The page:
October 18th 2008 I went for a drive to Kleifarvatn lake (not for the first time and not for the last) in desperate need of some inspiration. Taking a road I hadn’t driven down before, I came across an empty shed. It was in such a state of disarray, I figured it couldn’t possibly be in use. I also saw a great deal of potential in it, and after cleaning up most of the mess and pushing the moldy couch to one side, I happily decided to return as soon as possible and get to work transforming it into something more interesting than this:
before leaving, I shot both a sweater photo, and a doll photo. At the time, i was completely immersed in my doll series, and never left home without at least 2 dolls in the car.
I returned 2 days later armed with plastic sheeting, electricians tape, a hammer and some nails, and contentedly set to work covering the windows, with a warm autumn sun looking in on me. In my head, i had visions of making many different scenarious in this space, painting it in many different colors perhaps, for an intricate series, sure to blow everyones mind..
I was in such a good mood, I stopped to take this photo before leaving:
The same evening, a snowstorm hit (of course). Not surprisingly, the Icelandic wind made a joke of my makeshift plastic window-covers. When i returned the next day, (just managing to not get stuck in the snow) meaning to get to work with step two -painting the walls- I found one of the sheets in shreds. The other was completely intact, but happened to be flapping from a fence a good distance from the shed.
Inside, things weren’t very encouraging either:
Having sensed this would happen, i refused to give up. I had also (just in case) brought with me a bunch of narrow strips of wood. Gritting my teeth, I spent one of the most annoying hours of my life fighting the fierce wind to get the stupid plastic back into place, this time nailing the wooden strips over it, so it wouldn’t just rip right out from the nails again. Having finally shut out most of the wind and cold again, I did my best to paint half the shed a rather unattractive peach-pink shade (the only left-over paint i could find in my parents garage) , which would have been easier had the walls been dry..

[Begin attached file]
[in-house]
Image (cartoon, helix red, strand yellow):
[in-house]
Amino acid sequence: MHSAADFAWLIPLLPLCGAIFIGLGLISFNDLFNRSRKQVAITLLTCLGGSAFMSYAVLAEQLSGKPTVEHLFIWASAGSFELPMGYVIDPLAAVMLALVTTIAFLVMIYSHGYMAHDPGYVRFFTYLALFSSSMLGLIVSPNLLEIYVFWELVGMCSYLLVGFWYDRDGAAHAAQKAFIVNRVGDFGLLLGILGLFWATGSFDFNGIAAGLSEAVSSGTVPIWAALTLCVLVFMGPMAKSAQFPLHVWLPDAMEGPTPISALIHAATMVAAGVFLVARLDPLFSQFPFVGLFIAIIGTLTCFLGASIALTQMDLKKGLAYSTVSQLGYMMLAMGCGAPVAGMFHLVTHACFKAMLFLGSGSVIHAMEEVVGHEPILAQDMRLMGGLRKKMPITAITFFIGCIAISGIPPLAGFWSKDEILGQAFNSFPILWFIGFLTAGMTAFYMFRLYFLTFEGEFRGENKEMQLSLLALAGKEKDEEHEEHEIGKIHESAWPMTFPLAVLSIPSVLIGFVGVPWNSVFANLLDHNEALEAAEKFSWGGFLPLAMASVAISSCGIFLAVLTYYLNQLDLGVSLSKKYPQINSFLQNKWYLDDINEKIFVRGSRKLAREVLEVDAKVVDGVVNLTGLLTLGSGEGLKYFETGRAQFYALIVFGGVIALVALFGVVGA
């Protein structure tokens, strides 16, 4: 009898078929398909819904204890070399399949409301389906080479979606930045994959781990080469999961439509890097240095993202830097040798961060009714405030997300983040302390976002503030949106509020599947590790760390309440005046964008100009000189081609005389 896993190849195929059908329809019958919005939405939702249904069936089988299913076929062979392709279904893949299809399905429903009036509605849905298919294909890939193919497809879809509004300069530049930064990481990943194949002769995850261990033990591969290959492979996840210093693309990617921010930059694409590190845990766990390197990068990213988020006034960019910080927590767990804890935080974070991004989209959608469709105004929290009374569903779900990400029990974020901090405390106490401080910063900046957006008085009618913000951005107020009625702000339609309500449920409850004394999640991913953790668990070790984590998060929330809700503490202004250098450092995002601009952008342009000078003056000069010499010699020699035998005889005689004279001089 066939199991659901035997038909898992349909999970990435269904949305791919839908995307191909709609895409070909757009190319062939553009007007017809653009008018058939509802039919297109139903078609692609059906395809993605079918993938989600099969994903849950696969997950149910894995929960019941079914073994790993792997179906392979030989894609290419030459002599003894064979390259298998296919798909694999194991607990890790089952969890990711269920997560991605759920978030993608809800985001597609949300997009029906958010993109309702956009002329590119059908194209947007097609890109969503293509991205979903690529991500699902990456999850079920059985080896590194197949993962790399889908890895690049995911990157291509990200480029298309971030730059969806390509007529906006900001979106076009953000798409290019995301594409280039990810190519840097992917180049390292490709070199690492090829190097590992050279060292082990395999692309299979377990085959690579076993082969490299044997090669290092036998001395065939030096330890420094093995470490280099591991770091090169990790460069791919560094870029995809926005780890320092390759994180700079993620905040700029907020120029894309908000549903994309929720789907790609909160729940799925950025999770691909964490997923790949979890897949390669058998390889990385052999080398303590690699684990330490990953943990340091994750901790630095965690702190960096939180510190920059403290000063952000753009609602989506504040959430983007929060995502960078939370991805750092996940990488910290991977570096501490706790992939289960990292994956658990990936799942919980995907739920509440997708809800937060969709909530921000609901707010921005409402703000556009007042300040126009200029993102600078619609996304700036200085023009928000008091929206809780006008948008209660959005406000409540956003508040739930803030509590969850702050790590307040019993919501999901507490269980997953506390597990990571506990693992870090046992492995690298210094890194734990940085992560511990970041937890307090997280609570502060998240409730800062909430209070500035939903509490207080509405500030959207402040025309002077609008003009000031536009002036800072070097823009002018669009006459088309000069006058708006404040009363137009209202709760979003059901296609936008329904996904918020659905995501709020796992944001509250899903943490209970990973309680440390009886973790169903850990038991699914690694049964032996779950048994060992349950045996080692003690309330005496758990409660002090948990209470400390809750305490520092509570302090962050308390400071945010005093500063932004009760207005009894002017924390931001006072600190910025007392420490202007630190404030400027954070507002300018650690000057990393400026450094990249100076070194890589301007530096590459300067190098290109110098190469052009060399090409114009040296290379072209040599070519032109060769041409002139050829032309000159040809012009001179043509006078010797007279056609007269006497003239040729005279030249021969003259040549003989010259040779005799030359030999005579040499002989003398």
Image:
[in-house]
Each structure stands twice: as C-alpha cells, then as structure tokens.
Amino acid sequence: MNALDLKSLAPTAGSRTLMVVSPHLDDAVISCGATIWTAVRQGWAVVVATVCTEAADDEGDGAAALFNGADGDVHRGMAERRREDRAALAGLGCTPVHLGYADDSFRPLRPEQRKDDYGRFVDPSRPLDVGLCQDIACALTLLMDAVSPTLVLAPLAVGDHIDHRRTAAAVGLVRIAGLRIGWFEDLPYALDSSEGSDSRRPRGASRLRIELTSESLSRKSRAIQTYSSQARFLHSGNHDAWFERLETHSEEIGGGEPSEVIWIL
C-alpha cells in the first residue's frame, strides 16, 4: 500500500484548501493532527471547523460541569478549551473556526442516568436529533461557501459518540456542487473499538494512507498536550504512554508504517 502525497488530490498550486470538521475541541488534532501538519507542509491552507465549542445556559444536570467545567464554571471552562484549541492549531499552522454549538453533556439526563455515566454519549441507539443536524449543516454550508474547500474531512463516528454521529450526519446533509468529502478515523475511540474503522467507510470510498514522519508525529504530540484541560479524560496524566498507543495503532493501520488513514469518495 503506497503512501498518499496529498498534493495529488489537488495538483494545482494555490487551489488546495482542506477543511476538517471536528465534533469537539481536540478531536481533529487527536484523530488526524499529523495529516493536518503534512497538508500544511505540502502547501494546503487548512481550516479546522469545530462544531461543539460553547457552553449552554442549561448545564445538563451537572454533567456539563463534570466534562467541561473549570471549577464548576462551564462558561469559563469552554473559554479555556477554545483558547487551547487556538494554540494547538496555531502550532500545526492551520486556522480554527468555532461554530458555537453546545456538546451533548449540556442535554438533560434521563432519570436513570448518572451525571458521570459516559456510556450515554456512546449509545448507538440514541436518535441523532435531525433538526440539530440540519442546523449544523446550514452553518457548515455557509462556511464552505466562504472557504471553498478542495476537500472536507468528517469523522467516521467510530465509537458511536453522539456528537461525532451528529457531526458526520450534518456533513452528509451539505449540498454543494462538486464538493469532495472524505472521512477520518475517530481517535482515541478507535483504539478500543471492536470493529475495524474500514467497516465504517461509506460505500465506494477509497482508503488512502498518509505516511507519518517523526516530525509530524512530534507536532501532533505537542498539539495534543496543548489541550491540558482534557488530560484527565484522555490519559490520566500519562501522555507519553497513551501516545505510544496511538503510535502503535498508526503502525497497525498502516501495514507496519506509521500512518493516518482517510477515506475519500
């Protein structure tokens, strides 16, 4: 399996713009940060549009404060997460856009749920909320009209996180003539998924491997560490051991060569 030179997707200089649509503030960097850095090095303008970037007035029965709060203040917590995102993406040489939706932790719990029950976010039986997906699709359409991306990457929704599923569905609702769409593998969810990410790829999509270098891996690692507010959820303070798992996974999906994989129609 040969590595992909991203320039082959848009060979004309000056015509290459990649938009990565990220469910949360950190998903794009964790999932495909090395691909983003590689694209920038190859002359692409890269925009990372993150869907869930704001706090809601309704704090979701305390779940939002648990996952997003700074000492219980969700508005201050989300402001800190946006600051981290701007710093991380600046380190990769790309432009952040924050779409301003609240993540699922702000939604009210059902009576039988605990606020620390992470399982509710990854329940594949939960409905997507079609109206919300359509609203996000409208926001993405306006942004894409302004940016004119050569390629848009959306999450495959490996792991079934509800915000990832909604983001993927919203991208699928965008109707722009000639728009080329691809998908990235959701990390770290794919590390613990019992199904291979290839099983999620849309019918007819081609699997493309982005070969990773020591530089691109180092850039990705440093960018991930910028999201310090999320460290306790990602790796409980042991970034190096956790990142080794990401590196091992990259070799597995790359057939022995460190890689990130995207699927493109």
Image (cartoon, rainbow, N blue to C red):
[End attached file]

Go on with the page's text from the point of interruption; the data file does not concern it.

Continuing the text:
I then went home, not really caring if the weather would crash the party again or not..
It continued to snow.. I was afraid to return, but on October 26th, I set out with a group of large white branches I had previously used for another series of photos, and my younger son tagging along. When we reached the turn-off for the road to the shed, the car promptly sunk into a foot of snow, and refused to go any further. Even more unfortunately, it also refused to go back onto the main road. Now, before I even had a chance to think about panicking, i saw a pair of headlights coming at us from the direction of the shed, and it turned out to be a much larger truck, driven by a pair of helpful scouts (no joke). They not only got my car un-stuck, they also drove me, my kid, the branches and camera gear all the way up to the shed (about 3 km) . I of course left my hammer in the car. But, being helpful scouts, they loaned me one ( scouts honor). The weather was calm and pleasant, so I told them we’d just walk back, and thanked them for saving my project. (the probably drove off thinking i was insane, and wouldn’t have been too far off)
The plastic hadn’t held this time around either, ( I found some comfort tho, in the fact that i’d nailed it so well into place, that this time the top of the original window frame on the left fell down, plastic still clinging). Deciding to just accept that the weather would be a part of this project from now on, I arranged the branches in the middle of the floor, and nailed them into place..
Then i arranged a large white sheet with a hole in the middle, around the trees, nailing it to the walls. I wasn’t really sure why, but it seemed like a good idea at the time..
Then we hiked back to the car, my son only complaining a little bit when i refused to carry his 9-year-old self along with my tripod and camera bag.
I then visited the shed on a regular basis, documenting how the weather shaped and changed the set-up:
Finally, on January 10, 2009, I returned to shoot a self-portrait in the ravaged remains of my first-ever installation piece.
after editing, this was my favorite outcome from that shoot:
I told myself my mission was accomplished, but being the hopeless perfectionist i am, doubt soon set in. Finally admitting to myself that I wasn’t satisfied, I returned on March 11th. Again, the road was impassable (this time due to thawing and deep mud), so I had to walk. I reshot the scene, and was far more pleased with the result this time around:
Even getting a pretty good outtake:
Last time i drove up to this area, the shed had been torn, and my branches nowhere to be seen, making me even more grateful that I had the sense to document this process.
Stay tuned for more behind-the-scenes posts from other projects in coming weeks..Read 34 comments